Please rotate your device

A Prospect of Peterborough



In the Eighteenth Century a popular purchase by the wealthy was of a view of the town or lands that they lived in. They were known as a prospect. In 1731 an engraving of Peterborough was created titled 'A South West Prospect of the City of Peterborough, In Northamptonshire.'
The View
The artwork was created by Nathaniel and Samuel Buck, two brothers from Yorkshire who specialised in topographical engravings. They created a series of interesting vistas of different areas across the country. The engraving is taken from a realistic view point, but the artist has created the scene. It includes features that cannot normally been viewed together or viewed in such fullness. It could be considered an early form of photoshopping. Some features can be found in contemporary maps and include the trees by the river and some of the buildings.
Features of the Prospect
Some of the most interesting features include Neville Place, St John's Church and the buildings near the bridge. There are no other pictures or photographs of these buildings at this time, so these are very valuable images. Peterborough Cathedral takes centre-stage in the picture and dominates the landscape. It is drawn in great detail and true to life, unlike other buildings that were drawn. This is likely to be because it is the most recognisable building in the city and the artist would be judged on how well they drew the cathedral.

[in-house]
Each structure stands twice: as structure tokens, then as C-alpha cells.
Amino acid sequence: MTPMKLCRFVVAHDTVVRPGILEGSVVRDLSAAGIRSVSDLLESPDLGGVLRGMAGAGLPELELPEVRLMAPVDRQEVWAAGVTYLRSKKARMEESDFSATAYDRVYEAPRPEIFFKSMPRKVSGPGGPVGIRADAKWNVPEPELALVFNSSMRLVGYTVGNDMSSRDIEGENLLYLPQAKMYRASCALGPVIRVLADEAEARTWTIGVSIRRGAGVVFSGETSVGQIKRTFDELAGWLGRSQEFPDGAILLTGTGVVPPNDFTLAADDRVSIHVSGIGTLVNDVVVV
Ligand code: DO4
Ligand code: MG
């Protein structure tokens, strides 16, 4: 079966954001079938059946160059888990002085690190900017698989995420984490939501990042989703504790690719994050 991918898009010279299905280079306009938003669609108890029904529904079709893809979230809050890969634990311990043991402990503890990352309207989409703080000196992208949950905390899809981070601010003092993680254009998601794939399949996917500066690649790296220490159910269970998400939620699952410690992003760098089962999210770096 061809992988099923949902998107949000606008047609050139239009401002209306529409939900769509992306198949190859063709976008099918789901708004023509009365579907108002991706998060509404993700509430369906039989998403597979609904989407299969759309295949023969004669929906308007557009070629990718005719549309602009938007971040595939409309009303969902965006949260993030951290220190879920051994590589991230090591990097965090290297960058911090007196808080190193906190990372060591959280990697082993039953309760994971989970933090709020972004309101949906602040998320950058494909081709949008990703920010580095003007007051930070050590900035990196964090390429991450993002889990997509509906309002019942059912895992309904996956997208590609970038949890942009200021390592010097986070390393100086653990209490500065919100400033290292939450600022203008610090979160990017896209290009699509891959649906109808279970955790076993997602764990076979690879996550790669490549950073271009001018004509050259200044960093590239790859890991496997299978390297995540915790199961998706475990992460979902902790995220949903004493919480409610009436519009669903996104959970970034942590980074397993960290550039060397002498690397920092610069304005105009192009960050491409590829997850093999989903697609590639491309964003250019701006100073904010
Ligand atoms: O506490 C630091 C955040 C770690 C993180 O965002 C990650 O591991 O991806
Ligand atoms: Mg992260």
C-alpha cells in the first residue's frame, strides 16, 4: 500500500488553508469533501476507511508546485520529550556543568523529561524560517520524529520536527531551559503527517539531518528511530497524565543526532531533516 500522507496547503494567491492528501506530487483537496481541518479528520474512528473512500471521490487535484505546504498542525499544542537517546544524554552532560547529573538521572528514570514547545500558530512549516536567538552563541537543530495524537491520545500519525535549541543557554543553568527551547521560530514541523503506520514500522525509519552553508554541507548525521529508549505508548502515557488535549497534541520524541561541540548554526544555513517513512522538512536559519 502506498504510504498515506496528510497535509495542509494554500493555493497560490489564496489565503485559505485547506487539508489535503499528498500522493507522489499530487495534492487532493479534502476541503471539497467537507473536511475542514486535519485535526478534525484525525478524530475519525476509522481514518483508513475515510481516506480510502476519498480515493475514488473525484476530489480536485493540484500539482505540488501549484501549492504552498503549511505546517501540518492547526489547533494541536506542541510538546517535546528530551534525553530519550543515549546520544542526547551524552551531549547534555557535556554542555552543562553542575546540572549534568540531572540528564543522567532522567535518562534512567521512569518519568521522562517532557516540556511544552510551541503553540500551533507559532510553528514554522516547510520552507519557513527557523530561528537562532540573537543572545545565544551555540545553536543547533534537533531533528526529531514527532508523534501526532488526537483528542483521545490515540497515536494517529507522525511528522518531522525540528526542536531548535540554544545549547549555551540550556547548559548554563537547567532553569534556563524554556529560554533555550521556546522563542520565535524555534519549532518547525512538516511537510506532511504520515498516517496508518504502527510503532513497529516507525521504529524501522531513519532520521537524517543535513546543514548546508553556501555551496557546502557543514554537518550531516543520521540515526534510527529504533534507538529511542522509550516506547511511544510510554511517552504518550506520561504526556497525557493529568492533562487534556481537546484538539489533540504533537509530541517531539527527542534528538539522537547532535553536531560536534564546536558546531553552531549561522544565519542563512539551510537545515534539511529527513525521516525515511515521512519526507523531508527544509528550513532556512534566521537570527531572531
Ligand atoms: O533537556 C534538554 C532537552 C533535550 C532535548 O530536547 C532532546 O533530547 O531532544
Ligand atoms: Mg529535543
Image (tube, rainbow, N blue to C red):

Cycling Club Formed



The Peterborough Cycling Club was formed by amalgamating the Amateur Cycling Club and the Tricycle Club in 1874,  it is the oldest continuously active cycling club in the country. Mr Robert (Bob) Julyan and his father George Langham Julyan being two of the founder members. The first meeting was held at George’s outfitter’s shop in Bridge Street. By 1878 they adopted a dark blue uniform, and helmets. In 1879 the captain, Mr Gardner, spoke of the report of ‘Their noisy behaviour while passing through villages causing the club to be ridiculed and looked down upon’. Mr C Buckle added the great desideratum of the club was a racing track which would pay for itself in two years and enable the club to hold the finest matches and race meetings for miles around. Councillor Taylor spoke of the outcry against bicycle riding, ‘It is said cycles are dangerous to the men that ride them and dangerous to the general-public.’ Mr Gardner believed the risk of accidents over-rated as he had that year ridden 900 miles without mishap. The cyclists would ride various distances from a 100-yards slow race to fifty plus miles. In 1888 they rode a fifty-mile handicap which was open to the members on any machine including tandems. Mr G Neale and R Julyan were allowed twenty-minutes start on Safety bicycles.   References: 1.Peterborough Standard, 25/01/1935 2.Peterborough Advertiser, 08/03/1955 3. Peterborough Standard, 30/03/1878 4. Peterborough Standard, 21/01/1888